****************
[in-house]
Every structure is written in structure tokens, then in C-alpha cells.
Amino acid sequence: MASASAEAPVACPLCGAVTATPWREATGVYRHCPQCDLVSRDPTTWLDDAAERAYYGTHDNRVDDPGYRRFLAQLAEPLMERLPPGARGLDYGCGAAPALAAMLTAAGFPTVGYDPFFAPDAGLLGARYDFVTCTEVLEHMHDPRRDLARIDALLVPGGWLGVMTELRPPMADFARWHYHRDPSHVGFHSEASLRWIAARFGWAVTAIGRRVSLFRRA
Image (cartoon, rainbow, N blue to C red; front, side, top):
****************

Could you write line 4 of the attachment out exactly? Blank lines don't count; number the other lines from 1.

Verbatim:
Image (cartoon, rainbow, N blue to C red; front, side, top):